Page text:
Small claims are about to get bigger

  From April 2013, the upper limit on what constitutes a ‘small claim’ in court proceedings is due to double, taking the threshold to £10,000 for most cases. Exceptions to this include personal injuries from road traffic accidents, and property disrepair, both of which are subject to lower limits.  For most other claims though –Read More

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From April 2013, the upper limit on what constitutes a ‘small claim’ in court proceedings is due to double, taking the threshold to £10,000 for most cases.

Exceptions to this include personal injuries from road traffic accidents, and property disrepair, both of which are subject to lower limits.

 For most other claims though – including court action for late payment of invoices – sums of up to £10,000 should be referred to the small claims track.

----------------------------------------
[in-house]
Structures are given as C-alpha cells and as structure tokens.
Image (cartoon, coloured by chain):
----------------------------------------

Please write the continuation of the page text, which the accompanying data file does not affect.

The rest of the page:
This is generally good news for claimants, as it should mean pursuing a claim incurs fewer legal costs, and is both easier and faster to reach a satisfactory conclusion.

 Upon its introduction, the new threshold will be subject to a review period, which is aimed at making sure that it serves the needs (and, presumably, the legal rights) of claimants and defendants effectively.

 However, ultimately this review is targeted not just at supporting the £10,000 threshold, but at providing evidence to support a move towards a £15,000 maximum limit on small claims.

 There is also a separate move to raise the threshold for motor vehicle personal injury claims to £5,000, but this proposal was only made in December 2012 and has no bearing on debt recovery cases.

 Taking the moves together, though, it is clear that there is a trend towards giving claimants the right to recover reasonable amounts of money without facing costly legal action.

 For those of you whose client accounts are currently of the order of £5,000-£10,000, it should also provide an easier route to recourse if any customer fails to settle an invoice amicably, making court action a necessity in order to recover what you are owed.

 

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